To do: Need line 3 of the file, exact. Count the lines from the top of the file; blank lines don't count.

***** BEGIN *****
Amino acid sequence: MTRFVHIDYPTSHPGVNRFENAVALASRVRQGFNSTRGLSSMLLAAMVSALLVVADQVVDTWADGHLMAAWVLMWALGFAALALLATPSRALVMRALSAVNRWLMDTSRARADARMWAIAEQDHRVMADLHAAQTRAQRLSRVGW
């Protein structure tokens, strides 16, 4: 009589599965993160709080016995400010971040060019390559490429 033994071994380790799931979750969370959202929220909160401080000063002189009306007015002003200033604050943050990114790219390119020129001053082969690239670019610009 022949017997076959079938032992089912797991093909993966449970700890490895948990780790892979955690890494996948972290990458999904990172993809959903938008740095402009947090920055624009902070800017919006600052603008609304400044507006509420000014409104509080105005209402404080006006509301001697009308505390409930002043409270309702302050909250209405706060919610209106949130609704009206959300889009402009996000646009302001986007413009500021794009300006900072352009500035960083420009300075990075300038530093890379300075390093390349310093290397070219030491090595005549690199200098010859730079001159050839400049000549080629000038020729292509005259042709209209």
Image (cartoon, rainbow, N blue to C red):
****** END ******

Image (cartoon, rainbow, N blue to C red):